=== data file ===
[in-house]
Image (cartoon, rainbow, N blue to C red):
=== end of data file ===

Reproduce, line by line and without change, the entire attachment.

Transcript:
[in-house]
Image (cartoon, rainbow, N blue to C red):